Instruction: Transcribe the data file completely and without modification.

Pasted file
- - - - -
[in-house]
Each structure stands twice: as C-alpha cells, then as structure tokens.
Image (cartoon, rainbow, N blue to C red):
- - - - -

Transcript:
[in-house]
Each structure stands twice: as C-alpha cells, then as structure tokens.
Image (cartoon, rainbow, N blue to C red):